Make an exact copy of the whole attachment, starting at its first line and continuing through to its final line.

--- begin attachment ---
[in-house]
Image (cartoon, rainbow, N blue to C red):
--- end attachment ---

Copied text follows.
[in-house]
Image (cartoon, rainbow, N blue to C red):